Full PC snapshots and synchronizations of any IT or end-user initiated changes to the datacenter ensure quick desktop recovery. Minimize end-user downtime when an end user’s PC has been lost, stolen or damaged and quickly restore the end-user system to a new device.
Easily deploy applications or VMware ThinApp packages to any collection of end users by leveraging Horizon Mirage’s app layering technology.
Designed to support up to 1,500 end users per Mirage Server and can easily scale up to 20,000 end-users per server cluster.
Enable any Mirage Client endpoint into a Branch Reflector to optimize branch office management. Mirage Branch Reflector allows you to download any updates once from the Mirage Server and allow peer to peer updates to other Mirage Clients in the branch office. Advanced algorithms ensure that only required data is ever sent between the Mirage Server and Mirage Clients in a remote location or office.
The VMware Horizon Mirage client monitors the resources being used on an end user’s PC to make sure that the backup and synchronization processes never interferes with their productivity. Horizon Mirage will automatically throttle CPU, RAM and network usage up and down as needed to guarantee a seamless end user experience.
Allow end-users to leverage the local computing resources of their desktops and laptops and maintain offline productivity. VMware Horizon Mirage managed images can install natively onto the Windows PCs, or as virtual desktops on Mac or Linux desktops and laptops with Fusion Pro. Image layering gives end-users the flexibility to personalize and customize their systems.
The Mirage File Portal allows end users to access any file on their endpoint from any web browser. An end user can also restore any file or any directory on their own with just a few clicks on their PC.
VMware Horizon Workspace
Horizon Workspace is designed to bring everyone and everything together. It is designed to accomodate people with iPhones, Android phones, Windows laptops, Mac laptops and even Linux users, to sync data, access applications and desktopsand In itself, Workspace consists of three main modules:
- Data Synchronization (formaly known as Project Octopus)
- Web applications and Thinapp Packages (formaly known as Project AppBlast)
- View desktop access from mobile devices
Combined with a single sign-on engine, Workspace offers a single webbased portal. From here your users can shared files, web based applications like Google Docs, SalesForce or Gmail, access your thinapped programs and connect to their View based desktop. The portal supports users with Windows, IOS, Android, Mac OS X and Linux. The next paragraphs describe the features of Workspace.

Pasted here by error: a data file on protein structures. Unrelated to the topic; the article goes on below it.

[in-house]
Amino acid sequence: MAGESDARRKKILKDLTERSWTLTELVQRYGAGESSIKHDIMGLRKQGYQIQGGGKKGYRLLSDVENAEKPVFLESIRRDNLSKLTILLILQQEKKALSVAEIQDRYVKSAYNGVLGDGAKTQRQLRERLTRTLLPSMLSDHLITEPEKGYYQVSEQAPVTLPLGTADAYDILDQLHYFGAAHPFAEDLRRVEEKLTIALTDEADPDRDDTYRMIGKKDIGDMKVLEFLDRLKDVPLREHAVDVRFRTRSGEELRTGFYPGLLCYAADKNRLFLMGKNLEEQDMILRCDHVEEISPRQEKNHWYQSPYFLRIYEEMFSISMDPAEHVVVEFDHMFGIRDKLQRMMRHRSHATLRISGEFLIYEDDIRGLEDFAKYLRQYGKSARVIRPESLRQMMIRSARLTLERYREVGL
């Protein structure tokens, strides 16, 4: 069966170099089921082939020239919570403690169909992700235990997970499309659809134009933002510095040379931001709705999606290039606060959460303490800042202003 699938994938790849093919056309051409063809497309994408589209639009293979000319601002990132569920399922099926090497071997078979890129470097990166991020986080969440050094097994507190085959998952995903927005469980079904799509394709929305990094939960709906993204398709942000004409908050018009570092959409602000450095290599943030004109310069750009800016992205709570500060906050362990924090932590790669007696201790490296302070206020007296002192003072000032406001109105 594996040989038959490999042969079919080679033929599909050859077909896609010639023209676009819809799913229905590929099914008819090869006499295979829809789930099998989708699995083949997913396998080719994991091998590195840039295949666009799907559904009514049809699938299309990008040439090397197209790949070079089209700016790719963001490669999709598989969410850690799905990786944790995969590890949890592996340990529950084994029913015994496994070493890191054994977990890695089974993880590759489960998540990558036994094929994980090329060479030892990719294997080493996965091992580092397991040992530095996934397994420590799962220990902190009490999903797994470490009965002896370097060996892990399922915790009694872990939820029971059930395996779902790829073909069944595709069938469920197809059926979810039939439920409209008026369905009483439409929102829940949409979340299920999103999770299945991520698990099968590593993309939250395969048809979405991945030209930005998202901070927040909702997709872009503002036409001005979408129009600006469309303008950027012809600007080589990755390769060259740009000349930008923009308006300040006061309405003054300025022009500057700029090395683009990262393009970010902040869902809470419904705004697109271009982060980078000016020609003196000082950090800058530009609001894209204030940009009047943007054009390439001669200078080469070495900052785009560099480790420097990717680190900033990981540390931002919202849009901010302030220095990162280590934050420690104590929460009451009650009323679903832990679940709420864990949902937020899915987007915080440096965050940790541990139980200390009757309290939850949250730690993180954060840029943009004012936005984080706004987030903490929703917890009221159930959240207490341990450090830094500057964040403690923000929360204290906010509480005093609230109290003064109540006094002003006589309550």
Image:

Combine applications and data into a single aggregated workspace
- Manage files, devices, applications and data through a single management console
- Add, update and delete users via active directory. Manage internal and external users
- Entitle and provision web applications through single sign on (SSO). Entitle and manage ThinApps
- Quickly deploy new applications with data-as-a-service to stay competitive and build future growth opportunities
- Offer user self-service application provisioning through an application catalogue
Enterprise-grade security to meet industry compliance and security requirements
- Fully on-premise solution gives total control to IT (security, SLAs, backups, upgrades, etc.)
- Individual and group-based management to set policies and govern usage over files and data accessed and shared by and between end users — Prevents a security breach or compliance violation
- Policies for data quota, allowed file types, max size, domains, expiration, external, version, hierarchical storage management
- Ensure compliance with privacy regulatory and governmental policies
- Inspect and audit file access, sharing and all other aspects of the service
Seamless access to enterprise applications and data, anywhere, anytime
- Everywhere data access – in the office, at home or on the road
- Full collaboration (folder/file sharing with anyone, external user access, versions, comments)
- Improve end user productivity by providing end users with secure access to applications and files on any device from anywhere: iOS, Windows, Android, Mac, and all major browsers (including high-fidelity preview capability)
- Reduce end-user downtime and service interruptions
- Access to files each time users login (stateless desktop)
VMware Horizon – Suite
So, how does this fold into a suite? Take a look at this table:
Now, there’s a point to pay attention to. VMware Horizon View is still licensed on a concurrend user basis. Mirage, Workspace and the whole suite, however, are per NAMED user.
More info can be found at VMware’s website.
VMware View 5.2 specs courtesy of Andre Leibovici of MyVirtualCloud.net
Upgrading your vCenter Server Appliance from version 5.0 to 5.1 – A Howto
VMGuru used to run on an “ESXi only” install with no extra management. It’s a single server in a data center in Amsterdam, so there never was a need for a vCenter Server. When the VMware Octopus Beta started in which we participated, the deployment of the Octopus appliance required a vCenter server. So, instead of installing a full blown SQL server, a Windows server etc., we decided to use the vCenter appliance.